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Welcome to the IOSEA Marine Turtle MoU Website!

The IOSEA Marine Turtle Memorandum of Understanding is an intergovernmental agreement that aims to protect, conserve, replenish and recover marine turtles and their habitats of the Indian Ocean and South-East Asian region, working in partnership with other relevant actors and organisations.


  Douglas Hykle, IOSEA Coordinator border
  An interview with the IOSEA Marine Turtle MoU Coordinator  ... READ ON 

LATEST: 30 October 2014
Seychelles: Concerns over sea trash on Farquhar
Conservation officers are working to establish the first conservation centre on the Farquhar group of islands in the Seychelles archipelago.

» Marine Turtle Newsletter #143 available Online!
» France: Marine Turtle Days in La Reunion, 25-26 Oct, 2014
» France: COCALOCA satellite tracking programme on TV!
» MoU to reduce illegal wildlife trade online signed
» TRAFFIC job opportunities: Wildlife Crime Initiative
» Happy Pacific Leatherback Sea Turtle Conservation Day!
» ISTS35 - Dalaman, Mugla-Turkey (19-14 April 2015)
» Video: Turtles making their first run into the ocean in Malaysia
» MFF (Pakistan) seeks expert to help implement turtle project
Imbalance of sharks and sea turtles challenges ecosystems worldwide 27 Oct 2014

Sea turtles feed in seagrass meadows, an important coastal carbon sink. Photo credit: Steven Lutz 2014Researchers from Florida International University examined the impacts of green sea turtles on seagrass communities in Bermuda, Australia, Indonesia and India, all locations with large green marine turtle populations. In each of the sites, data suggests the seagrass meadows are being disrupted by heavy grazing where turtle populations are increasing and shark populations are down. But that doesn’t mean turtles are villains. In most of the world, they are threatened with extinction and still need conservation. More »

Opinion: Marine turtles in plastic danger 22 Oct 2014

Baby turtles in a pool at the Tamar Project base at Praia do Forte. From http://static2.stuff.co.nz/This opinion article published on the Timaru Herald highlights the irreparable harm being done to marine turtle populations by plastic bags ending up in the world’s oceans. Plastic bags floating in the water can be easily confused with jellyfish, which the turtles feed on. It is particularly an issue in the more tropical northern parts of New Zealand. Here, the co-ordinator of a turtle rehabilitation programme at Kelly Tarlton’s Sea Life Aquarium in Auckland suggested that, if nothing is done, marine turtles could be wiped out in his lifetime.  More »

It’s a growing FAD – Commercial tuna fishing techniques lead to sustainability concerns 14 Oct 2014

An old FAD is found drifting near the coral reefs off Alphonse Island, Seychelles (Sam Balderson/ICS)An informative article by Hajira Amla explains the problem of fish aggregating devices (FADs) deployed around Seychelles. FADs are increasingly used by commercial fishing fleets to attract large schools of fish into a concentrated area of open ocean. These devices target tuna, but many turtles, sharks, juvenile fish and a wide range of other marine life also get trapped and do not survive the ordeal. Old FADs discarded at sea can also cause entanglement and drowning of marine turtles.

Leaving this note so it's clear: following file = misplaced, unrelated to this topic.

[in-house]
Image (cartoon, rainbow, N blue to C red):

The deployment of FADs is commonly banned across the western Pacific Ocean during August and September, but the ban has been reported to be largely ineffective. In the Indian Ocean, it is estimated that around 10,000 FADs are deployed only in Seychelles’ vast territorial waters each year. More »

Malaysia: “Is mankind turning turtle?” 1 Oct 2014

Hawksbill TurtleAlan Rogers from the Malaysian Nature Society writes about the status of marine turtles in Malaysia. He also tells about his experience watching green turtles nesting in Mayotte and reports interesting facts about these migratory animals.

Against all natural hazards, marine turtles as a species have survived for more than a million years despite their chances from hatchling to maturity being less than one in a 1,000. He notes that in Malaysia one can view, in various places, five of the seven species of marine turtle.  More »

CNMI: DLNR Sea Turtle Program update 22 Sep 2014

DLNR Sea Turtle Program team member Jessy Hapdei and NOAA Affiliate Tammy Summers attach a satellite transmitter to a nesting green turtle.An article in the Mariana's Variety online Newspaper presents an update on the marine turtle research and monitoring program that was started in the Commonwealth of the Northern Mariana Island (CNMI) in 2005. Its goals have included to collect scientific data to support adaptive resource management, mitigate local threats to marine turtles and their habitat, and to build community support for sea turtle conservation through education and outreach.

In the CNMI, the green turtle is currently listed as Threatened under the Endangered Species Act, while the Hawksbill is listed as Endangered. Because both are protected by law, the CNMI Department of Land and Natural Resources (DLNR) receives funds from NOAA’s Pacific Islands Regional Office to study marine turtle nesting and foraging populations. More »

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United Nations Building, Rajdamnern Nok Avenue, Bangkok, 10200, Thailand
Tel: + (662) 288 1471 ; Fax: + (662) 288 3041 / 288 1029; E-mail: IOSEA Secretariat